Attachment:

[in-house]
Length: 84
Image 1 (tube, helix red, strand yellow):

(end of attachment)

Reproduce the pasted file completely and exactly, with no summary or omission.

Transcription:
[in-house]
Length: 84
Image 1 (tube, helix red, strand yellow):